In addition to possible anesthetic complications, which are minimal in vaginal delivery and high in emerging CS, there are also potential surgical complications associated, including organ damage [29] as well as complications for future pregnancies, as a higher risk of abnormal placentation, ectopic pregnancy and ruptured uterus [5,22,30]. A CS is also associated with more prolonged hospital stay times, and rehospitalization is more common in women after vaginal delivery than after caesarean one [30].
As for neonatal morbidity, the scarce existing data suggests that elective CS is associated with a higher risk of neonatal respiratory fetal morbidity and tear caused by the instruments used during the CS. However, studies have shown that it reduces the occurrence of transient or permanent brachial plexus injury and other forms of physical trauma to the fetus. CS is also associated with a lower risk of neonatal sepsis, intracranial hemorrhage, asphyxia and neonatal encephalopathy [31,32]. In some cases reduces the risk of neurological compromise in the long term and intrauterine fetal death, especially if carried out after 39 weeks [31]. There are also data suggesting that the rapid passage from intrauterine environment to external one, can bring greater inability of the infant to adapt to the environment, which can translate to develop hypothermia, hypoglycemia and a larger number of hospitalizations in intensive care units. CS may also delay the mother-neonate interaction, which can translate into greater difficulty in initiating breastfeeding [15,29]. More recently it has been speculated about the consequences of not exposing children to the vaginal microflora in the caesarean delivery. Studies have shown that a lack of exposure may interfere with the immune profile of newborns [33,34]. These children are more likely to develop allergic diseases (food allergies, allergic rhinitis and asthma), some immune-mediated diseases (diabetes mellitus type 1) and some types of neoplasia (neuroblastoma, myeloid leukemia and leukemia acute lymphoblastic) [34,35]. The hypothesis that the way one is born can influence motor and cognitive development, have also been placed [33,36]. Autism and some psychiatric disorders like schizophrenia, have also been associated with CS [37].
Maternal and neonatal mortality
CS have been associated with a greater amount of maternal adverse effects [38]. Liu et al demonstrated that in regard to vaginal delivery, the risk of maternal mortality is increased by 9 times in emergent CS, and 3 times in elective ones [39]. However, in recent years there have been several contradictory studies on maternal mortality associated with elective CS [11]. Some claim that establishing a direct relationship between maternal mortality and the type of delivery is difficult and mortality could be associated with other preexisting conditions [29].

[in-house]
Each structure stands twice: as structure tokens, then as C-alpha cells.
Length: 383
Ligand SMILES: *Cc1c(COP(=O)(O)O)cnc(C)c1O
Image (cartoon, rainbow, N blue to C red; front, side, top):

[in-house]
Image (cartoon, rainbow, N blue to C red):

Regarding to neonatal mortality, available data suggest that this parameter is increased in elective CS [25,32], because it’s correlated with lower gestational age and birth weight [33]. Studies suggest that to minimize the risk of neonatal death, childbirth should not be performed before 39 weeks of gestation [32,40]. On the other hand, elective caesarean sections are associated with a lower perinatal mortality compared to vaginal delivery, since the prolongation of pregnancy is associated with an increase of intrauterine unexplained mortality. Studies have suggested that at 38 weeks of gestation the likelihood of intrauterine death is 0.08%, while at 41 weeks it rises to 0.34% [32].
This facts give the idea that it’s impossible to say without a doubt that a type of delivery has clear advantages over another. While an elective CS may result in a premature infant with risk of respiratory dysfunction, the extension of a pregnancy can result in a stillbirth with no apparent cause or else a spontaneous vaginal delivery that can be associated with intrapartum complications that can compromise the well-being of the fetus or neonate [41].
In addition, the risks associated with a CS may vary depending on where it is held. Complications are more likely to occur in countries with underdeveloped health systems [6].
Conclusion
Changes in maternal population, society and in medicine are all factors that have been contributing to CS rate increase. This changes can lead to question whether the limit of 10% -15% given by WHO in 1985 still makes sense in today's world. Although some studies continue to reach the conclusion that this would be the ideal level, they have only considered medical factors, which seems extremely reductive, since birth is an event with great emotional charge, heavily conditioned by social and cultural factors. Thus, assuming a rate of CS and extended it to all countries seems somewhat unrealistic and possibly dangerous. It seems essential that instead of governments continue to assume the 10% - 15% as the ideal level to be reached in CS rate policies, they should determine a CS rate based on their population needs.
While there are several studies that take CS as a cause of higher maternal and neonatal morbi-mortality, others report positive aspects of this birth option. Currently there are no certainties about what is the best mode of delivery. However, being a procedure whose implementation is strongly motivated by social factors, it seems essential that the entire population be educated regarding potential risks and benefits, in order to avoid the numerous cases of tokophobia.
While the appropriate CS rate for each country remain a subject of debate, more than obey to a number, it is essential that all women needing a CS receive it.